Charlie Rose talks to ... Stanley Fischer

The former Bank of Israel governor and World Bank chief economist discusses the global recovery and the peace process

Where do you see strength as the economic shock from 2008 fades?

We’re beginning to see growth in almost all the advanced economies, including Europe, which is surprising. The second-quarter data came in quite well. Britain is showing some growth, which didn’t look like it was going to happen for a long time, and the famous BRICs, the leading emerging-market economies, are slowing down a little relative to what we had gotten used to before. So there’s a slight movement in favor of the advanced economies.

John Kerry seems to have included an economic component in his peace plan.

He wants to accompany this with significant financial aid to the Palestinians. It’s absolutely clear that there’s a lot going on that we’re not seeing, because until the day they announced they were actually going to meet, everybody in Israel said Kerry’s getting absolutely nowhere. Today they are a little more respectful.

Who should be the next Fed chairman?

On the Summers-Yellen issue, they’re both very good economists. Janet has more experience in the Fed. Larry has more experience in the government. I would say that Larry was really one of the outstanding economists of the era when he was still an academic economist. He hasn’t done as much central banking. Janet is a very safe pair of hands, and you want the central bank to be in a very safe pair of hands.

How would you grade the state of the U.S. economy?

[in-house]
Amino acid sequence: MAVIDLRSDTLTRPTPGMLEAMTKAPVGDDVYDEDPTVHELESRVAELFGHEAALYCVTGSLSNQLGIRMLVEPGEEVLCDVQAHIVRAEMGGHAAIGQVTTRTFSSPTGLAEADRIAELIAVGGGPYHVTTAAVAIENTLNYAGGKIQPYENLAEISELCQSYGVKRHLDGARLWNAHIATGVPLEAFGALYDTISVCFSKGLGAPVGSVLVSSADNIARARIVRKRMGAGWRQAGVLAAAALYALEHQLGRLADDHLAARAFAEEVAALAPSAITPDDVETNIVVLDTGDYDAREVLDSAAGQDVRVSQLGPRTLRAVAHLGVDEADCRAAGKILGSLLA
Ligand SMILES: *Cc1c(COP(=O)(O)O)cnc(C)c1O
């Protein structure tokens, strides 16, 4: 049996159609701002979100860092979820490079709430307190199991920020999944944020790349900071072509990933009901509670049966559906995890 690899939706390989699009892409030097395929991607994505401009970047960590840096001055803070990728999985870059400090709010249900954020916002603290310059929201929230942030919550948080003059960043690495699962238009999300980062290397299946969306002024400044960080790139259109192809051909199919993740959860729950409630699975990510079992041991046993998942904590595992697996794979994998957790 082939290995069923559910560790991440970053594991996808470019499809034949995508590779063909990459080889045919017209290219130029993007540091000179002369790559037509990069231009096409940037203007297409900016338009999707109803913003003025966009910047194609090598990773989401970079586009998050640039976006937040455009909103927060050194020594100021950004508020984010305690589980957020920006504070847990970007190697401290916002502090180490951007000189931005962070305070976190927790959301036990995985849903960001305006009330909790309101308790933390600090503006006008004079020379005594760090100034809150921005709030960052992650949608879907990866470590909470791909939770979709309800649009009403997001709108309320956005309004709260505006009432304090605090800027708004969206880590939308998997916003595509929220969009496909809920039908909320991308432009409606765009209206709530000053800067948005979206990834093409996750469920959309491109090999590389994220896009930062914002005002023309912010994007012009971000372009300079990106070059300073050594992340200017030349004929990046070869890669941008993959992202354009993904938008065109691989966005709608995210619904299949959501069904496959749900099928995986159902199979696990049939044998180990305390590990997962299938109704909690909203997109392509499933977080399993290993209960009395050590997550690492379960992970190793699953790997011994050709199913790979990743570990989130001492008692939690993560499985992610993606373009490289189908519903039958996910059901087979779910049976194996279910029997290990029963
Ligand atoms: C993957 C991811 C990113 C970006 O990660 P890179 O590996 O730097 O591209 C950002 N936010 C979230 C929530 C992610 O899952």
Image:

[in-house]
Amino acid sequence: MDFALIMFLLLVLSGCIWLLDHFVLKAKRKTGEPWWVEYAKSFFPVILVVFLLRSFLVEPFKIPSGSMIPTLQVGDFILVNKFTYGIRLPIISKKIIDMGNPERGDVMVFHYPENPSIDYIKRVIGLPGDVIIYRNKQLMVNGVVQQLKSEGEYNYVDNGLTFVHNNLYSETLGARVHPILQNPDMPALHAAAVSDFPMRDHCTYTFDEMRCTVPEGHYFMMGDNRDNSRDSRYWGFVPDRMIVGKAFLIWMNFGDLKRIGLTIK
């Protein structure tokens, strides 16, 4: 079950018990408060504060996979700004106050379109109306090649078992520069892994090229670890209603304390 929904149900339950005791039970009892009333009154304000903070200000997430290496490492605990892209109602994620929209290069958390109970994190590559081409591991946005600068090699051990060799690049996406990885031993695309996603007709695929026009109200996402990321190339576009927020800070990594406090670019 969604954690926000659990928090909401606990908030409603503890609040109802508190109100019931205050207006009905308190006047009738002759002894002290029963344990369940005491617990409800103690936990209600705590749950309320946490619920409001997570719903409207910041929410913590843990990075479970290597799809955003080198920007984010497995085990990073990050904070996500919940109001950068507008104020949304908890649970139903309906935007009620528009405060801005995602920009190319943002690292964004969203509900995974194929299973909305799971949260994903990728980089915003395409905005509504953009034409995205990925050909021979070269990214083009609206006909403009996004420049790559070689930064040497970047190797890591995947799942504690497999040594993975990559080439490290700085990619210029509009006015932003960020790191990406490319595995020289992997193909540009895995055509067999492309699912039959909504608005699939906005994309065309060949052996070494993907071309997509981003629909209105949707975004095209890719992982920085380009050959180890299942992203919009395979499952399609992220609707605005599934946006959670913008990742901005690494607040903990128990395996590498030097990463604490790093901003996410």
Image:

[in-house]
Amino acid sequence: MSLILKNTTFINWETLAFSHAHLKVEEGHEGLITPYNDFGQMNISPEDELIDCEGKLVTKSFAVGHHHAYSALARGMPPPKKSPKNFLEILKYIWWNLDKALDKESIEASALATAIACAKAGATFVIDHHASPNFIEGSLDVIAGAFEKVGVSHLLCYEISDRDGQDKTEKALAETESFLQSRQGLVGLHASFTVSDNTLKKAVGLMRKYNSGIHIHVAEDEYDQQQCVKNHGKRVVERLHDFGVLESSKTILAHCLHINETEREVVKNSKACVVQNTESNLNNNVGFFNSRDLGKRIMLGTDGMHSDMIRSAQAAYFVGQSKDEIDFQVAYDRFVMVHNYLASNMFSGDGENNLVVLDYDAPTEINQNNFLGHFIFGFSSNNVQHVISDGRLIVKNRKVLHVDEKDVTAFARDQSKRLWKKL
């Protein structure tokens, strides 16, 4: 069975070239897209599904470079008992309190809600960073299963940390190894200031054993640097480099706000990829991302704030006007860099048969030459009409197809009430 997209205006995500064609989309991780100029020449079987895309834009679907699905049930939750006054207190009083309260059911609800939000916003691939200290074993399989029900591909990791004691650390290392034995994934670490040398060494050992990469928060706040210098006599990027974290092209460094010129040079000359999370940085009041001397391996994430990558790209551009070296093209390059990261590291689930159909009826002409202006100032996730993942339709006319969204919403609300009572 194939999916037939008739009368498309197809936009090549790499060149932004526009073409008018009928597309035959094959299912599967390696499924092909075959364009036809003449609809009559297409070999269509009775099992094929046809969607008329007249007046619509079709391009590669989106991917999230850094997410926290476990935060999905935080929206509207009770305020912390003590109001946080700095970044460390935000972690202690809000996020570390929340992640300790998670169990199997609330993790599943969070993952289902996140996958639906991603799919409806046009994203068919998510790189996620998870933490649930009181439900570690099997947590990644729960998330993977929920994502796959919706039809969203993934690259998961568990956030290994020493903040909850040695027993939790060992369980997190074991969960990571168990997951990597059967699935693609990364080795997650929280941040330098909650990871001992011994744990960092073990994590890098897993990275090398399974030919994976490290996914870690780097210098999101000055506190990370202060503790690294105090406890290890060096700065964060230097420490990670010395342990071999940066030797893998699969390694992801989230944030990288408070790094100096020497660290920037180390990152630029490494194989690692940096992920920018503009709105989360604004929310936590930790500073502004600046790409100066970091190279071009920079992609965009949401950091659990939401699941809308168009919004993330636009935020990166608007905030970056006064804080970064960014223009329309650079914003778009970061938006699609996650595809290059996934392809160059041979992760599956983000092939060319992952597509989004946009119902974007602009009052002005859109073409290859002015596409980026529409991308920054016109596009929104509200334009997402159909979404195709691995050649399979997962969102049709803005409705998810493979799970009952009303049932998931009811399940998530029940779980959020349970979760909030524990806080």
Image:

The United States, although it’s hard for Americans to believe, managed the crisis better than the other advanced economies. The many things which were reviled, the TARP [Troubled Asset Relief Program], things like that, actually were successful. The U.S. got the banking system back into shape quicker than anyone else. The Europeans still haven’t done that. In that process, the U.S. ran huge budget deficits, and through a very inelegant process, namely, the sequester and so forth, the budget is now in pretty good shape.

So we now have a sustainable deficit?

Not yet, but the progress that was made in the last two years is very impressive, and if the U.S. continues and doesn’t exaggerate by trying to get back to a balanced budget or 2 percent deficit too quickly, this growth will increase. It’s about 2 percent, a little less now, can go up to 2½, get back to what is regarded as normal, which is around 3 percent.

What will be the impact of China’s slowdown?

They’ve grown faster for longer than anybody in history. You don’t find previous examples of countries, particularly of any size, growing at something like 9, 10 percent for 30 years. It just doesn’t happen, but it happened in their case. The Chinese economy of today is more than double the size it was 10 years ago. When its growth declines to 7 percent, 7½, it’s adding more to global demand than it did when it was growing at 10 percent 10 years ago, because 7½ percent of a big pie has been growing. So it’s still a very, very important contributor.

Was Keynes right about stimulus?

I think so, and I think that people who weren’t quite certain about that should be certain about that now. There was a lot of belief in what was called an expansionary fiscal contraction. It turned out that by all the data — and this is not just people putting things in the air, this is people actually looking at the data — that the fiscal policy really mattered.

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